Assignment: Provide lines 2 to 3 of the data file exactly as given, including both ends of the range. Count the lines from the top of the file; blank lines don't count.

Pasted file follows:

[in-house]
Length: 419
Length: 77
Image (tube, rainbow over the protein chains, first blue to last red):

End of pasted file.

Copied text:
Length: 419
Length: 77